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Archive for December, 2019

What Are Your Rights When Approaching a DUI Checkpoint?

December 26th, 2019 at 9:07 am

IL DUI, IL drunk driving lawyer, IL DUI checkpoint lawyerThe holidays are approaching and that means in Illinois, you will likely come across more DUI checkpoints as you are traveling between shopping malls, restaurants, and the homes of loved ones. During the landmark case, Michigan Department of State Police v. Sitz, the United States Supreme Court ruled that these checkpoints do not violate a person’s rights. However, the federal government leaves it up to the individual states to determine if these stops go against the state’s constitution, and how to operate them if they determine they are legal.

Unlike some states, such as neighboring Wisconsin, in Illinois, DUI checkpoints are considered legal. That doesn’t mean though, that you do not have any rights when approaching one.

How DUI Checkpoints Work

Law enforcement has the right to set up DUI checkpoints any time they wish and in nearly any location. They cannot set these checkpoints up in areas that would cause needless traffic jams, or that would pose a hazard to drivers, such as on a highway. Police typically choose a location where arrests for DUIs are common. Sometimes police departments may announce where these checkpoints are, in the hopes that it will deter drunk driving. Other times, they may be more discreet, in the hopes of catching drivers off guard.

When setting up the checkpoint, law enforcement must use lights, signal flares, or signs to tell drivers that they are approaching a checkpoint. All vehicles and officers on the scene must be clearly marked to indicate that they belong to law enforcement.

Officers are not allowed to detain drivers they have no reason to believe has been drinking or committing any other criminal activity. If they want to ask a driver to get out of their vehicle, or to search the vehicle, they must have reasonable suspicion that the driver is drunk or has committed another offense. Lastly, officers cannot arrest someone without a reason to believe that the person has committed a crime.

Your Rights at a DUI Checkpoint

In Illinois, you are allowed to turn your vehicle around if you are approaching a DUI stop and wish to avoid it. You must make this turn legally. If you decide to proceed through the checkpoint, it is important to understand that you still have the same rights as someone that is pulled over by police for a suspected DUI.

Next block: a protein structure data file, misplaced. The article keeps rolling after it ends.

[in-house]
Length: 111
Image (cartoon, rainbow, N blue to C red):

You do still have the right to remain silent if you could incriminate yourself, such as admitting that you had been drinking. You can also refuse to perform field sobriety tests and can refuse to submit to a breathalyzer test, although your driver’s license will likely be automatically suspended for one year.

If the police arrest you at the checkpoint, you still have the right to remain silent until speaking to an attorney. You also have the right to refuse to provide a blood sample until you are presented with a warrant signed by a judge.

Arrested at a DUI Checkpoint? Call an Illinois Criminal Defense Attorney

Too many people in Illinois are confused about their rights when they approach a DUI checkpoint. The fact is everyone has them and, too often, law enforcement violate those rights in their eagerness to make an arrest. If you have been charged with a DUI arrest after passing through a checkpoint, call our skilled Rolling Meadows criminal defense lawyer at the Law Offices of Christopher M. Cosley. Our attorney has the experience necessary to challenge these charges and give you the best chance of beating them. Call us today at 847-394-3200 to schedule your free consultation to learn how we can help.

 

Source:

https://www.law.cornell.edu/supremecourt/text/496/444

Understanding Reckless Homicide in Illinois

December 19th, 2019 at 8:56 am

crashCar accidents happen every day in Illinois. Many of these accidents are very minor and do not result in serious injuries. However, sometimes these crashes result in severe injuries and sometimes, even death. When one person causes the accident and another dies as a result, the driver may be found guilty of a felony. This is true when the driver’s negligent or reckless actions caused the accident and the resulting death. In Illinois, this is known as reckless homicide. Some drivers confuse this offense with reckless driving, but there are significant differences, including the penalties associated with them.